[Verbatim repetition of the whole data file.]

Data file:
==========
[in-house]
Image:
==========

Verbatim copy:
[in-house]
Image: